Authorities in Brazil have seized more than $16m (£12m) worth of cash and luxury watches from a delegation accompanying Teodorin Nguema Obiang, vice-president of Equatorial Guinea, local media report.
The 48-year-old, known for his lavish taste, is the son of the oil-rich Central African country's president.
Brazil limits people from entering the country with more than $2,400 in cash.
About 70% of Equatorial Guinea's 1.2m population live in poverty.
President Teodoro Obiang Nguema, who is Africa's longest-serving leader, and his son, have been accused of misusing the country's oil revenue. They both deny any wrongdoing.
Human rights groups have also accused the president of systematic repression of opponents.
The Equatorial Guinea embassy in Brazil reportedly told police that Mr Obiang was in the country for medical treatment.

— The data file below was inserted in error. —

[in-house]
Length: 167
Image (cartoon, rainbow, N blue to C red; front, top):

What was the money for?
The 11-man entourage - travelling on a government plane - landed in Viracopos International Airport in Campinas in Sao Paulo on Friday, according to media reports.
Police found $1.5m in cash and watches worth an estimated $15m in two bags, the other 17 bags had clothes, says local news site Globo.
Global reports that Equatorial Guinea's embassy told the Brazilian police in a statement that the money was for Mr Obiang's use on an onward trip to Singapore, while the watches - engraved with his initials - were for his personal use.
Brazil's foreign ministry told news agency AFP that it was "in permanent coordination with the federal police and the customs service over the case and to decide what measures should be taken".
Mr Obiang was the only member of the delegation who had diplomatic immunity as the group was not on an official mission, Globo reports.
Police searched other delegation members as Mr Obiang waited outside in a car, it added.
More about Equatorial Guinea:
Population: 1.2 million
Rich in oil and gas
About 76% of the population live in poverty
President Teodoro Obiang Nguema, 76, seized power from his uncle in a 1979 coup
The capital, Malabo, is on an island in the Atlantic Ocean, 235km (147 miles) from mainland
Africa's only Spanish-speaking country
UN, World Bank